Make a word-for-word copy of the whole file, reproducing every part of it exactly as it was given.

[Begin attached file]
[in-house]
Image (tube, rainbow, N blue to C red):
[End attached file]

[in-house]
Image (tube, rainbow, N blue to C red):